In philosophy, empiricism is a theory of knowledge
which asserts that knowledge arises from experience.
Empiricism is one of several competing views about how
we know "things," part of the branch of philosophy
called epistemology, or "the Theory of Knowledge". Em-
piricism emphasizes the role of experience and evid-
ence, especially sensory perception, in the formation of
ideas, while discounting the notion of innate ideas (ex-
cept in so far as these might be inferred from empirical
reasoning, as in the case of genetic predisposition).
In the philosophy of science, empiricism emphasizes
those aspects of scientific knowledge that are closely re-
lated to evidence, especially as discovered in experi-
ments. It is a fundamental part of the scientific method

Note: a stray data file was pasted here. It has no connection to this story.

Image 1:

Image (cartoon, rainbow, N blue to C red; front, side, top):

that all hypotheses and theories must be tested against
observations of the natural world, rather than resting
solely on a priori reasoning, intuition, or revelation.
Hence, science is considered to be methodologically em-
pirical in nature.
The term "empiricism" has a dual etymology. It
comes from the Greek word εμπειρισμός, the Latin trans-
lation of which is experientia, from which we derive the
word experience. It also derives from a more specific
classical Greek and Roman usage of empiric, referring to
a physician whose skill derives from practical experi-
ence as opposed to instruction in theory.
The term "empirical" was originally used to refer to cer-
tain ancient Greek practitioners of medicine who rejec-
ted adherence to the dogmatic doctrines of the day, pre-
ferring instead to rely on the observation of phenomena
as perceived in experience. The notion of tabula rasa
("clean slate" or "blank tablet") dates back to Aristotle,
and was developed into an elaborate theory by
Avicenna and demonstrated as a thought experiment
by Ibn Tufail. The doctrine of empiricism was later ex-
plicitly formulated by John Locke in the 17th century. He
argued that the mind is a tabula rasa (Locke used the
words "white paper") o